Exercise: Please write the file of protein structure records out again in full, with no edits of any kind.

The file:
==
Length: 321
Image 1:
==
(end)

Length: 321
Image 1: